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Android Ransomware App Highlights Google Porn Ban Problem

Tom Jowitt is a leading British tech freelance and long standing contributor to TechWeek Europe

Now that’s not nice. Virus seduces Android users into downloading fake Pornhub app and then demands ransom

Android users beware after security experts warned that users attempting to access Pornhub on their smartphones are being tricked into downloading malicious software.

And even worse, the ESET researchers warned that the ransonware will lock the phone and demand a ransom to unlock their device.

The infection highlights the problem caused when major software companies ban adult apps on their app stores.

android porn apps

Ransomware App

The issue came to light in a whitepaper from ESET, which documented the ransomware trends in 2016.

It seems that the problem stems from the fact that Google doesn’t allow pornographic apps to feature on its Pay Store.

This is despite the fact there is an official Pornhub Android app, but it is not allowed to be on the Play store because of Google’s policy on porn.

This means that Android users are tempted to download alternatives from untrusted distributors, and users are being tricked into downloading a ransomware app that contains virus like characteristics.

“Curiously, the malware, detected by ESET as Android/FakeAV.E also abuses another well-known brand: it spreads by pretending to be a mobile app for the adult video website PornHub,” ESET noted.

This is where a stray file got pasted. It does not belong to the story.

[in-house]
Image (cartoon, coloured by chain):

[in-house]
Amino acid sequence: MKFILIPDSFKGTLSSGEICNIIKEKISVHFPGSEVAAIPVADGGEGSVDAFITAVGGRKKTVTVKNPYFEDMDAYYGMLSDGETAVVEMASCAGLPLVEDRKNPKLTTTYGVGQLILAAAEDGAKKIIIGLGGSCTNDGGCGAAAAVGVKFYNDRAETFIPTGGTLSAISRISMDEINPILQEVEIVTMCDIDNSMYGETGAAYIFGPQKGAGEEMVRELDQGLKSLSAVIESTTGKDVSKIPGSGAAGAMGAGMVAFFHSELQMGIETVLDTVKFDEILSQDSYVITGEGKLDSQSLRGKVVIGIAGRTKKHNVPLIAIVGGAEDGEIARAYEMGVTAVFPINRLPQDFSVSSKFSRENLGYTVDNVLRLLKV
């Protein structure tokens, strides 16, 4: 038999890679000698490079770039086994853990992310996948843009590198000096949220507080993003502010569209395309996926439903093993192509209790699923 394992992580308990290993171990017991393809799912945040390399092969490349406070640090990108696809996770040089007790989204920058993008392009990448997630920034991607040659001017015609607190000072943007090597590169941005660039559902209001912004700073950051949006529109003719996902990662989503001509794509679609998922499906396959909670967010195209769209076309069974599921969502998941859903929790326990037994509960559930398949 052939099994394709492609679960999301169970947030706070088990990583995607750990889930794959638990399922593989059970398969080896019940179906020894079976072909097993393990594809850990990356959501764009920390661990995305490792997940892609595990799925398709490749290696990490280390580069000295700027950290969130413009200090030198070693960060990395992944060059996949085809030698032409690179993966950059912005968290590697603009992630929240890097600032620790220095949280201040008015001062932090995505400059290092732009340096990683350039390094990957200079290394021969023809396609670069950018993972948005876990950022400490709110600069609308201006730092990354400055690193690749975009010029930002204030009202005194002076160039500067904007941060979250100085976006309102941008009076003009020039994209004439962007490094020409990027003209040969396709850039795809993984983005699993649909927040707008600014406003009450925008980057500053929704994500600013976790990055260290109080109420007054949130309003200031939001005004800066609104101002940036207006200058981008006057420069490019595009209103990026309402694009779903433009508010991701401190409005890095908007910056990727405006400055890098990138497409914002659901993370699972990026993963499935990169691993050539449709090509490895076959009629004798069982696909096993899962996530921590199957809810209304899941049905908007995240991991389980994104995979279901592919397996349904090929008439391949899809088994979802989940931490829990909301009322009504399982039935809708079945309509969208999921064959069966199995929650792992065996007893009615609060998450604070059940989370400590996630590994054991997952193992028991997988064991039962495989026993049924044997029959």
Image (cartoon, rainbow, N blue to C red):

“When the app is launched, instead of showing pornographic videos, it shows the user a message that says the device must first be ‘checked for viruses’,” noted EST. “After clicking OK, the fake AV, which is made to look like Avast, runs its scam scan.”

“The narrative in this fraud is rather odd,” it wrote. “First, the message shown by the fake Avast GUI states that the ‘device is in danger and is now blocked for security reasons’ and that a Pro version must be bought.”

The user is then locked out of their device until they pay $100 in Bitcoin to regain access.

Android Ransomware

Android ransomware is nothing new. And Android has a pretty terrible reputation when it comes to security.

And it is not just rogue apps found on third party app stores that are responsible. Earlier this year Check Point revealed a new piece of ransomware called “Charger”, which was downloaded via an infected Android app on the Google Play store.

Unforunately, infected applications are regularly found on the Play Store in spite of Google’s security screening processes.

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